HARTFORD, CT—The Connecticut Supreme Court on Monday upheld the right of individuals, regardless of sexual orientation, to engage in any number of "grandiose behaviors," including, but not limited to, sashaying across the room "like a hussy, yelling 'Oh my God!' at the top of their lungs while hopping up and down, and generally acting like Miss Thing."
The court ruled 5-2 in favor of the plaintiff in Carmichael v. State of Connecticut, a landmark case overturning a lower court's decision against homosexual Michael Carmichael's right to excessive theatrics. Writing for the majority, Chief Justice Chase T. Rogers argued that "although the loud and emotionally over-the-top behaviors of Mr. Carmichael may be considered annoying by the community standards established by both his heterosexual and homosexual peers, the question of whether or not an individual is acting overly queeny is not a matter for the law to determine."
The ruling, which effectively affirms the right of all attention whores to make a complete spectacle of themselves, is already being contested by conservative groups and is expected to be appealed.
Carmichael, who also goes by the stage name "Lotta Menn," made a tearful, half-hour-long finger-snapping statement to the press following the historic decision.
"This is the most wonderful moment of my life, and I thank you all!" Carmichael said while wearing his trademark purple-sequined jacket, oversize Dolce & Gabbana sunglasses, and short shorts. He then blew kisses at the assembled reporters, twirled for photographers, and lifted his arms several times above his head in the late-'80s "raise the roof" triumphant dance move. "I only hope I can recover from the living hell I've gone through these past four months—living hell! I am so serious, you guys!"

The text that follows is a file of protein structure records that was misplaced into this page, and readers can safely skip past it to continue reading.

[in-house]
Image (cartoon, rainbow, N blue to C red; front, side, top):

Flanked by his lawyers, Carmichael thanked his mother, quoted from Gloria Gaynor's anthem "I Will Survive," insulted several reporters' shoes, and called the members of the Connecticut Supreme Court his "bitches."
The legal battle for gay rights began in 1972, when a Manhattan court granted homosexual couples the right to stand next to each other in public places "as long as they don't make a big deal about it." In 1981, 1983, and 1986, similar rulings in Boston, Chicago, and San Francisco granted gays the right to attend movies, take walks, and tickle each other while cooking dinner together. Monday's ruling represents the first time that homosexuals' legal right to openly act "as gay as gay can possibly get" has been affirmed by the courts.
"Carmichael's is an extreme case, but the precedent is far-reaching," legal analyst Jameson Drury said. "This decision protects not only full-blown flamers, but all homosexuals, even those swish enough to let their hands flutter occasionally during a season finale of Project Runway."
Although some acquaintances of Carmichael's, including Matthew "Paris Swillton" Freiberg and Edward "Dame Ed" Anders, have called him shameless and claim the ruling will only make his head even bigger than it already is, others have dismissed these remarks as catty or jealous. Many more have applauded the decision, calling the high court's jurisprudence "way fierce."
"This is a major triumph—not unlike Divine's performance in Pink Flamingos, god bless her soul," said noted gay-culture commentator Mario Loyola. "The white gloves are off, and it's time for Miss Lotta to strut her stuff all the way to Washington if need be."
"After all, it's not like anyone is limiting heterosexuals' rights to, you know, just sit there in beige," he added.
Members of the Christian right, among others, have decried the decision as a dangerous step backward for moral standards in the judicial system.
"American family values are under siege," said T. Herbert Rosch of the American Family Values Coalition, which has protested the ruling. "If gays are granted state approval for prancing, what's next? Gallivanting?"
Civil rights organizations have reluctantly supported the decision, saying that the right of the individual to act like a flaming prima donna, however irritating it may be, is supported by the Constitution.
"Plain and simple, the state cannot decide which bombastic, drama-generating behavior is deemed patently offensive," said the American Civil Liberties Union's Tom Gregor, a member of the legal team who represented Carmichael. "Although, to be honest, I am personally going to think twice before taking on any more pro bono cases for someone as high-maintenance as Mr. Carmichael in the future. Talk about your vampy divas. As happy as we are to have won the case, the afterparty was a nightmare."